War of the fire ants
Males pit their genes against females by chucking DNA out of eggs.
In a bizarre war of the sexes, little fire ants have evolved a novel way to fight for their gender's genes, according to new research.
The sperm of the male ant appears to be able to destroy the female DNA within a fertilized egg, giving birth to a male that is a clone of its father. Meanwhile the female queens make clones of themselves to carry on the royal female line.
The result is that both the males and females have their own, independent gene pools, leading some to speculate whether each gender ought to be technically classified as its own species. "We could think of the males as a separate, parasitic species that uses host eggs for its own reproduction," says Denis Fournier of the Université Libre in Brussels, Belgium, who led the work.
Many insects, including most bees, wasps and ants, sexually reproduce in order to create both queens and sterile female workers. Males are created when a female egg goes unfertilized. Unlike humans, whose males require genetic input from a father, these male insects simply have less genetic material than the females.
But when Fournier and his team were studying little fire ants (Wasmannia auropunctata) in French Guiana, they found something quite different.
evolutionary biologist at the University of Massachusetts in Amherst
"There's no other genetic system that's quite like this," says Benjamin Normark, an evolutionary biologist at the University of Massachusetts in Amherst.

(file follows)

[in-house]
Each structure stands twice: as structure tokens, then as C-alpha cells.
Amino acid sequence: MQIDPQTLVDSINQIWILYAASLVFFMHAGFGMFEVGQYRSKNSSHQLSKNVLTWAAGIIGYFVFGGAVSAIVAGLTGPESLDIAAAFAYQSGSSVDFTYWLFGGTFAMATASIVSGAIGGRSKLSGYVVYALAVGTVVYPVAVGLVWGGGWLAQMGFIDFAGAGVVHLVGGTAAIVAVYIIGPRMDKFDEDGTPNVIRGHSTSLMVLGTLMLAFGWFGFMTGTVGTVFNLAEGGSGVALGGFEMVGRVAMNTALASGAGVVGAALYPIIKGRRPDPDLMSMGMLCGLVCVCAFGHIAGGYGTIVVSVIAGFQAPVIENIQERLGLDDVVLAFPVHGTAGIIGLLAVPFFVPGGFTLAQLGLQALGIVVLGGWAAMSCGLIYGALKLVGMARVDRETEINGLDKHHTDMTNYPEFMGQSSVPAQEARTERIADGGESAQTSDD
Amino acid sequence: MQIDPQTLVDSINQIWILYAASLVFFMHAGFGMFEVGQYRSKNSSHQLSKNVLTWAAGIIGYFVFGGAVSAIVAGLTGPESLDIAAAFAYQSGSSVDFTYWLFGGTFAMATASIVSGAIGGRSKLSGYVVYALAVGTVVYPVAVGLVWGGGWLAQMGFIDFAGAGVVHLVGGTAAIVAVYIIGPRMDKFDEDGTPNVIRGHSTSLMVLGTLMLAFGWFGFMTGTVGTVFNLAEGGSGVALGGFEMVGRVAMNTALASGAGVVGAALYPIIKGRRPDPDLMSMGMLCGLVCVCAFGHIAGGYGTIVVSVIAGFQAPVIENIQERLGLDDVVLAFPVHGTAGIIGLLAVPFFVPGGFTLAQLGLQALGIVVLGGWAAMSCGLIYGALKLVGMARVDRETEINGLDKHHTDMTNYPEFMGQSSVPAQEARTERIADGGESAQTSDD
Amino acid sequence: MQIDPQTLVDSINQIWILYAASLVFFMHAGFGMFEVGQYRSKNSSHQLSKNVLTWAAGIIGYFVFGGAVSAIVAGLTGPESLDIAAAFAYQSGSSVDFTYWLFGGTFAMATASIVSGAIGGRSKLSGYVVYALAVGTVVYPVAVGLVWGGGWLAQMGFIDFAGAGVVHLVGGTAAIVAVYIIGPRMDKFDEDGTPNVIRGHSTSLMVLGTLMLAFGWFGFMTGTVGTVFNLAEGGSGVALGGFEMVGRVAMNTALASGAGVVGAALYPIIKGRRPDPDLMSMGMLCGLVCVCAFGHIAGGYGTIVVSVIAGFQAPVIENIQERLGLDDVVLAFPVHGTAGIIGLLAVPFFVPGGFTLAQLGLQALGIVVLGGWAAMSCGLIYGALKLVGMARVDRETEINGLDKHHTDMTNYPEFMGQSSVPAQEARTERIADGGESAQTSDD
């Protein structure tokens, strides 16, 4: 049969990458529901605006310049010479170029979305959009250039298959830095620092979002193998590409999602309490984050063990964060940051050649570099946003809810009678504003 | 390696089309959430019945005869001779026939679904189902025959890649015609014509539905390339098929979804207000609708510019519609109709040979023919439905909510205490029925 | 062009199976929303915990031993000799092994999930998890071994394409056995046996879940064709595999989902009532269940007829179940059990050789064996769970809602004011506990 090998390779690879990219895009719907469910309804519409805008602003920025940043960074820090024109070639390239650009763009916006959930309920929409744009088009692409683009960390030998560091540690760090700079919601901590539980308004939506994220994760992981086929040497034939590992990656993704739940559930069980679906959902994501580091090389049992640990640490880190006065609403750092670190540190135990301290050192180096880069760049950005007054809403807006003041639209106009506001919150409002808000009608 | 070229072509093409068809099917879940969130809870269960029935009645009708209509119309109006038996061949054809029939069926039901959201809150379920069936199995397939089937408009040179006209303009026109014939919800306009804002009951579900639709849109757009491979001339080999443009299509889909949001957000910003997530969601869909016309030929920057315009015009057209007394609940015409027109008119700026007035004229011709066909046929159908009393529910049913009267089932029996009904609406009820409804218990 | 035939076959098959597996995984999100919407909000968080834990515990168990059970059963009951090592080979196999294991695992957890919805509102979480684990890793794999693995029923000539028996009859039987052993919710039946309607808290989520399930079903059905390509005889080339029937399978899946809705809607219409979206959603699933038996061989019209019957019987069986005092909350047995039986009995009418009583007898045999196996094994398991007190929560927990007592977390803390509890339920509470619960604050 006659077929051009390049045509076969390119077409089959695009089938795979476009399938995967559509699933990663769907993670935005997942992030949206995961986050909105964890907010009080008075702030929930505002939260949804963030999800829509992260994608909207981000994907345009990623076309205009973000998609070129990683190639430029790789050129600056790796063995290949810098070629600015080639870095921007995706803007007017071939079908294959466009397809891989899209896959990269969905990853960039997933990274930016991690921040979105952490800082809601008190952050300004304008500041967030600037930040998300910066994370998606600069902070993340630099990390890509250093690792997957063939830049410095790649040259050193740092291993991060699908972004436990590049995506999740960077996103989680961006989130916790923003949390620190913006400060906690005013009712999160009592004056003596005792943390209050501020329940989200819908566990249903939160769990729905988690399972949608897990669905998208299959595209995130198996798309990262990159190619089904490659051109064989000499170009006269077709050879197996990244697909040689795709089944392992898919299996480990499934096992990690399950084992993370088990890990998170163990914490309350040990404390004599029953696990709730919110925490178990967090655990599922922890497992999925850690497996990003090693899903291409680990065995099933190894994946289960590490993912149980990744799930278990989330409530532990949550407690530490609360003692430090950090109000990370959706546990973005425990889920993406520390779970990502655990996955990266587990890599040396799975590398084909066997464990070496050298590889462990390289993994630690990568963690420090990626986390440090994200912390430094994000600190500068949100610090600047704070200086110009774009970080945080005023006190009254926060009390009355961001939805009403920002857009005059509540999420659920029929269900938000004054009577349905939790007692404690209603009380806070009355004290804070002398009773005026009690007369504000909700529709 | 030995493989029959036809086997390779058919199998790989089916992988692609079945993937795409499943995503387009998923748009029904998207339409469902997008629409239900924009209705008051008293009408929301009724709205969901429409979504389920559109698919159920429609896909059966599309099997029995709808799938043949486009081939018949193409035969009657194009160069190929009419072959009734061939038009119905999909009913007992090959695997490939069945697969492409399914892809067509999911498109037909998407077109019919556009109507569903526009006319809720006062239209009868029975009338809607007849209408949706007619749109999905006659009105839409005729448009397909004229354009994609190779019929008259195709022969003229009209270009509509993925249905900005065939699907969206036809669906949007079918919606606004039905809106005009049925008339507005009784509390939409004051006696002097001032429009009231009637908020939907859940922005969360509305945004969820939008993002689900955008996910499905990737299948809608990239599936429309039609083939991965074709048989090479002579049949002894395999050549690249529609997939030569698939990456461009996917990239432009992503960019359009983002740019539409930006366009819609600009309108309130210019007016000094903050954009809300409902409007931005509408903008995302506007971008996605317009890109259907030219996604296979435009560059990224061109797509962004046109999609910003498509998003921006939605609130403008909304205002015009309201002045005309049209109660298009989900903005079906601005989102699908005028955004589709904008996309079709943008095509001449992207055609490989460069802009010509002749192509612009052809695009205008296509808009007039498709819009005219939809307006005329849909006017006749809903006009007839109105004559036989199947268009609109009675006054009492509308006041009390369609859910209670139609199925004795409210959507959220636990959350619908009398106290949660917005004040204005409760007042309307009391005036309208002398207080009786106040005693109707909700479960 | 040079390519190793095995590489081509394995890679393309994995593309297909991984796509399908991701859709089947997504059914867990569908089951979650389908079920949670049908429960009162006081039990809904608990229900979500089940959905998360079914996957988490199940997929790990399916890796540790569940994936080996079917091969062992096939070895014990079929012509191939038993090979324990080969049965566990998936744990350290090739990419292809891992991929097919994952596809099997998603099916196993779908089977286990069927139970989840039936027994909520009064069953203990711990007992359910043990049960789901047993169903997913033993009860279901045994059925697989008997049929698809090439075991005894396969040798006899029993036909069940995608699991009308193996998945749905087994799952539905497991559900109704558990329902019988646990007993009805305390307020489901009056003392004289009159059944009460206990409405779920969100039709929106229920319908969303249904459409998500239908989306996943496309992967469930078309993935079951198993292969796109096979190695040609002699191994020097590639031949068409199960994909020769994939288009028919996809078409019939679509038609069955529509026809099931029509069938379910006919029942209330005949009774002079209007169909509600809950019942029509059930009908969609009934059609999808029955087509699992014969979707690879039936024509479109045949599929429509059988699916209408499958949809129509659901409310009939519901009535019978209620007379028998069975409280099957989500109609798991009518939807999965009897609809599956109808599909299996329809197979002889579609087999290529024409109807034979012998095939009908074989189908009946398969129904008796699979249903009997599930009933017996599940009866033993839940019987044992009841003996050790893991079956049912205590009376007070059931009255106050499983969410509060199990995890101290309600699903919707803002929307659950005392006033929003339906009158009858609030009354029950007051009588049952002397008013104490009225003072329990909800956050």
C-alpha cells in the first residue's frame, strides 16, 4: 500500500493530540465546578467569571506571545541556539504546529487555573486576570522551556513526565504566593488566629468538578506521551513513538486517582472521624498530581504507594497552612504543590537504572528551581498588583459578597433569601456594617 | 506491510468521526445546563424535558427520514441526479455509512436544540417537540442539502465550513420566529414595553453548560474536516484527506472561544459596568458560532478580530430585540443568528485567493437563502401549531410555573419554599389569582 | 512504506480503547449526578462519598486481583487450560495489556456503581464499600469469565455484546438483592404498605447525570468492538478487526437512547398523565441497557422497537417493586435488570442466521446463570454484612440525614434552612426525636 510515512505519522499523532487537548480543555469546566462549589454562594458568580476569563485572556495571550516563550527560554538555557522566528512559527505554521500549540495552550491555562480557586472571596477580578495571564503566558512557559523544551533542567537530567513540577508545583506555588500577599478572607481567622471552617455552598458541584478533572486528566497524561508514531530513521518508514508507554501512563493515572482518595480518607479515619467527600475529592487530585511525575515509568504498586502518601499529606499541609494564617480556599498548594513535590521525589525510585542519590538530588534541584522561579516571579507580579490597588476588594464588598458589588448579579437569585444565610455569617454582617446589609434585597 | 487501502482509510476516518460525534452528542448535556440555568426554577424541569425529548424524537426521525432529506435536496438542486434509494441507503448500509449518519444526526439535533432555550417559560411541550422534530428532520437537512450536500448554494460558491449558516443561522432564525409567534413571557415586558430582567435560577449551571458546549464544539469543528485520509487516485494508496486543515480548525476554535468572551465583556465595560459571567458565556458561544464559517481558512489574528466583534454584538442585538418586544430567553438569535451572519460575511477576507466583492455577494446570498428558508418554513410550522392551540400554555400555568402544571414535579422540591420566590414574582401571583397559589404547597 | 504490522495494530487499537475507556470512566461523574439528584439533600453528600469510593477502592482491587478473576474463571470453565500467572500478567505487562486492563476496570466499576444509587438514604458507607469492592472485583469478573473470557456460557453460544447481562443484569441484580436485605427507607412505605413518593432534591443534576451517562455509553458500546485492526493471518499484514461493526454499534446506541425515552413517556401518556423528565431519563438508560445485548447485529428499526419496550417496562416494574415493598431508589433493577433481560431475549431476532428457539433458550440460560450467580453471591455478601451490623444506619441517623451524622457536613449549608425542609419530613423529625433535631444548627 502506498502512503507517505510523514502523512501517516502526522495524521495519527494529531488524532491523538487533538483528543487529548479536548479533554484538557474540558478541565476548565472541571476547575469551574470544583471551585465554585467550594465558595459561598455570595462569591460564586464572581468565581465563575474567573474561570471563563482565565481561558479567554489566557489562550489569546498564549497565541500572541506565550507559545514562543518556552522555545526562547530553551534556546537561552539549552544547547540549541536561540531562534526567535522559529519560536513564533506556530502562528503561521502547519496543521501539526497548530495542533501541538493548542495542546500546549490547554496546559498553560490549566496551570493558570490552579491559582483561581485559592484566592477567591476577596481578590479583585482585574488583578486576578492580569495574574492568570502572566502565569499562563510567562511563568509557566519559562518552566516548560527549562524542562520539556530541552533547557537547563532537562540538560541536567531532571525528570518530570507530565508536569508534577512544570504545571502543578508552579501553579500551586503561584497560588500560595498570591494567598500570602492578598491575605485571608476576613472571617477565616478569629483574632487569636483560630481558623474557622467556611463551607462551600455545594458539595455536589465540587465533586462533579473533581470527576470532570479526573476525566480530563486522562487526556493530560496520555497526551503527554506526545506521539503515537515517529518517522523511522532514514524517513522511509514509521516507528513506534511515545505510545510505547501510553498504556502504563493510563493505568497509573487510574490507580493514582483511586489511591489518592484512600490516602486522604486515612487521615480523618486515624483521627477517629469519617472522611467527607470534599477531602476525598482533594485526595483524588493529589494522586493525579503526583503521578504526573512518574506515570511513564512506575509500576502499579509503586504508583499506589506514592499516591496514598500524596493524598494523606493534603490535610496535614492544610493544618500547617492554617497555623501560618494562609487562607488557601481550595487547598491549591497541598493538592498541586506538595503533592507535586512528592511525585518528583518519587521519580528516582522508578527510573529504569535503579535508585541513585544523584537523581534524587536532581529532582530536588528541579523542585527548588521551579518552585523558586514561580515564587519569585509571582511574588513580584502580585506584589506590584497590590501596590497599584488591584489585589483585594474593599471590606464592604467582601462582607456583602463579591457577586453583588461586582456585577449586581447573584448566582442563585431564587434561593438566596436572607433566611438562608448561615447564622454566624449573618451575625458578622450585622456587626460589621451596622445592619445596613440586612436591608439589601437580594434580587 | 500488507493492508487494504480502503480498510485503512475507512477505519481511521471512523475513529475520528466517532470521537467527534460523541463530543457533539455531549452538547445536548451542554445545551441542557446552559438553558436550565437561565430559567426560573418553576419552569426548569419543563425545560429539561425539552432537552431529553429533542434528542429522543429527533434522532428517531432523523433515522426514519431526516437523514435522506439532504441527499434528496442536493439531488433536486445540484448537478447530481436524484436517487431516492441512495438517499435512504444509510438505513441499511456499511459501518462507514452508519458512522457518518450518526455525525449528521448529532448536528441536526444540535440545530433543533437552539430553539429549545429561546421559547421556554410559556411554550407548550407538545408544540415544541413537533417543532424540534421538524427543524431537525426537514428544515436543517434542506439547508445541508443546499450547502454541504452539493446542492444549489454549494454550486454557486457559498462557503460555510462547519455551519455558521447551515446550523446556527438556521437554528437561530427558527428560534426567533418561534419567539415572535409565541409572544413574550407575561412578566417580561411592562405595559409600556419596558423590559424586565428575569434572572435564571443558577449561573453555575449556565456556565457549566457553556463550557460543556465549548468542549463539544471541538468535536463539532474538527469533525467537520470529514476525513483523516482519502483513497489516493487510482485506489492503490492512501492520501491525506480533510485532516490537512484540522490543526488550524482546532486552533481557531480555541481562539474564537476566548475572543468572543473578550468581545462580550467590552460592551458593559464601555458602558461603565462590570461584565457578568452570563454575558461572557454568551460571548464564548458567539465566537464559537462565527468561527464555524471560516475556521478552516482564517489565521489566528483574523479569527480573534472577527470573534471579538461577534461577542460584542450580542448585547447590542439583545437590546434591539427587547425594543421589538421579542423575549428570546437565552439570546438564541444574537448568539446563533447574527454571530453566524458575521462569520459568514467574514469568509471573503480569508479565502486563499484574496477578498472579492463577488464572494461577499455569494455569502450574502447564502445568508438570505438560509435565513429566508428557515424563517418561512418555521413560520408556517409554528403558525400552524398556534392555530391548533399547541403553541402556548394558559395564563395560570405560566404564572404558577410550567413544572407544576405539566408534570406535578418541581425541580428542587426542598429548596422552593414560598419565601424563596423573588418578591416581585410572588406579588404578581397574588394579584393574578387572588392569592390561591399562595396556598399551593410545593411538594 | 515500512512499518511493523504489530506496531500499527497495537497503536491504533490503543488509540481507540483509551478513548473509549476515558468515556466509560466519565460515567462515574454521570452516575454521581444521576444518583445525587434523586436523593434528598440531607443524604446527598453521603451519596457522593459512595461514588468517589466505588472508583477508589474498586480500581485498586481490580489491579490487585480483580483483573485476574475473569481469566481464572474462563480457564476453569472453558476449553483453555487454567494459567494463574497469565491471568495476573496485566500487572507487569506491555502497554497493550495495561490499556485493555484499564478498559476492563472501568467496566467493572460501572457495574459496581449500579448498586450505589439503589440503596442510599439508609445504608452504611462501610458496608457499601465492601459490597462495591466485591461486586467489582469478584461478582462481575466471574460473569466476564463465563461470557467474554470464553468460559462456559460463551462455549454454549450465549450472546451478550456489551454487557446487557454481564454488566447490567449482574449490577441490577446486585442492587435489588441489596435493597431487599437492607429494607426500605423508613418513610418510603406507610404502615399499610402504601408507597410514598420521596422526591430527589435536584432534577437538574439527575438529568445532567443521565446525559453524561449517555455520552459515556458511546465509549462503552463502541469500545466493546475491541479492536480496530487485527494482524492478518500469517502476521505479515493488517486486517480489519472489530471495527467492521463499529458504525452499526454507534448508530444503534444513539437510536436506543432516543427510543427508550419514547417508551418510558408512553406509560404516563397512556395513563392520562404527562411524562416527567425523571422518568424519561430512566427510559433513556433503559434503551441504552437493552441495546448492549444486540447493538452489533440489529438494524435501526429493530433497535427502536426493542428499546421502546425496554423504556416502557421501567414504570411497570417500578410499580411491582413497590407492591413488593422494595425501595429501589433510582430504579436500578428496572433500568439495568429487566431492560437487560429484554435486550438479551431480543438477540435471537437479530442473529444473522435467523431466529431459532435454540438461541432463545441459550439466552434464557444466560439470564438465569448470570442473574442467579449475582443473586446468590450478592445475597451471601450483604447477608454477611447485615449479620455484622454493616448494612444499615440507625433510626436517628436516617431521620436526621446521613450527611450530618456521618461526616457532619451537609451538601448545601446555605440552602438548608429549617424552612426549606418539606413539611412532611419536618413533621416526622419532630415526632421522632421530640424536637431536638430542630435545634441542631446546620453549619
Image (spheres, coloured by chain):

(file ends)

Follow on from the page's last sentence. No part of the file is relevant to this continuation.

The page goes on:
Little fire ant queens produce two types of eggs: one that carries the full complement of maternal genes and develops without fertilization into future clones of the queen, and a second group that carries only one set of chromosomes and is fertilized with sperm from a male. Of this latter group of eggs, most develop into sterile workers. In some of the fertilized eggs, however, the maternal genes are somehow destroyed, leaving the eggs to develop into male ant clones.
Something similar is known to happen in some fish, amphibians and insects, in which the paternal genes can be eliminated from a developing egg. But it is unusual for maternal genes to be wiped out. The researchers don't know why this happens, but they speculate that it is the outcome of an extreme case of conflict between the sexes.
"It's a selfish strategy, initiated by females," explains Fournier. "Under this strategy, queens transmit 100% of their genome to future queens. Males must adapt or disappear, so they choose to thwart queens by eliminating the female genome in fertilized eggs."
"This illustrates the extraordinary imagination of nature - or of males - to counteract the female strategy," he adds.
The system may also help the worker ants to maintain as high a genetic diversity as possible, speculates Normark, since their genes come from two pools that do not intermix from one generation to the next. This could help to counteract the negative genetic effects of inbreeding.
- Fournier D., et al. Nature, doi: 10.1038/nature03705 (2005).